MARTIN: Critics of this have pointed out to the exceptional nature of it, that it's essentially an end run around Congress. Congress said, you can have this much money and spend it this way, and the president is seeking a national emergency to counter that. Is that, in and of itself, unprecedented, David?
WELNA: Well, no; it's not in the sense that other presidents have used national emergency powers. White House officials point out that President George H.W. Bush used the military construction authority in 1990 during the Gulf War, and his son George W. Bush used it in 2001 after the 9/11 attacks. And they say, so this is not really breaking any kind of new precedent.
MARTIN: But they weren't specifically doing so in the face of what Congress had voted for.
WELNA: Exactly. This was not in defiance of Congress. This was in response to a wartime situation. What we have now is a president wanting to build something on the border and saying that there's an emergency there. And you have Congress saying, we don't think that there's that much of an emergency that it deserves the amount of money you sought from us, and we're only going to give you so much. And a White House official this morning said, you know - he said, yes; this does technically go beyond the appropriations bill. He - and he said it's outside the ordinary appropriations process, and that's why the 1976 National Emergencies Act is on the books.
MARTIN: A reminder - you're listening to Special Coverage from NPR News. We're waiting for President Trump to enter the Rose Garden, where he is expected to declare a national emergency in order to acquire the funding he would like in order to build a border wall between the United States and Mexico.
We are joined by Josh Blackman. He's an associate law professor at South Texas College of Law in Houston. Josh, thanks for being here. May I ask you, what do you understand to be the legal threshold for a president to declare a national emergency?
JOSH BLACKMAN: Congress long ago made the threshold quite low. And in fact, since 1991, Congress has enacted a statute that allows the secretary of defense to, quote, "construct fences" along the international border. So we've had laws on the books for nearly three decades that give the president the power to move money around and other statutes who allow him to construct roads and fences near the border. The problem is not what Congress did today. The problem what Congress did in the past - and they gave, basically, President Trump a lot of authority, which he seems now planning to use, and there are not many strings attached to that authority.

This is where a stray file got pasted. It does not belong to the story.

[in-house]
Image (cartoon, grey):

MARTIN: So then what would be your reading of future lawsuits if House Democrats decide that they're going to fight this in the courts? I mean, do they have a case?
BLACKMAN: The easiest way for House Democrats to stop this is by passing the resolution and then overriding the president's veto. If they fail to do it, I think it's going to be difficult to tell a court, well, we couldn't do the democratic process, so we'll have the courts try and stop it. I think the far more likely plaintiff to challenge this will be property owners whose land will be seized by eminent domain or perhaps the state of California, which does own some of the land near the border. I think either of these plaintiffs would be much better in the House of Representatives.
MARTIN: I want to bring in Scott Horsley again, a White House correspondent who can look at this through a political lens, because there are those who would argue that this is not a national emergency, but it is a political emergency for President Trump. Can you...
HORSLEY: That's right. I mean, building this wall was a promise that Trump made repeatedly throughout the 2016 campaign. Of course, at the time, he always said that Mexico was going to pay for it. Mexico's been very clear; they're not going to pay for it. He didn't really work very hard during the first two years, when he had Republican majorities in both the House and Senate, to demand that they fund the border wall until - right up until just before Christmas, when he kind of surprised everyone, including his own GOP colleagues, and said he wouldn't sign the spending bill that didn't include what he perceived as adequate wall funding. And we had a 35-day government shutdown.
Now, throughout that period, the president has gone on the road; he's campaigned in El Paso; he's campaigned in McAllen; he's made this a focus of his State of the Union speech; he delivered a primetime speech from the Oval Office to try to sell the American people on the notion that there is either a security crisis or a humanitarian crisis on the border that warrants spending billions of dollars to build at least a portion of the wall, some 200-plus miles of wall. And, you know, he hasn't managed to do that.
We've just had a congressional committee now that spent the last three weeks trying to work up a compromise. They did. And they basically came in with the same number they'd had all along. So he hasn't been able to make the sale to the broad swath of the American people. What he's really doing is playing to that narrower portion of the electorate for whom this wall is an important promise that he wants to deliver on - or at least he wants to be seen doing everything in his power to deliver on.